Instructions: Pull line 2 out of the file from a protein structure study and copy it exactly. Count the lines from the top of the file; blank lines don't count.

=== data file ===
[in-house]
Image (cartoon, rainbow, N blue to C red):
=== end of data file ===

Image (cartoon, rainbow, N blue to C red):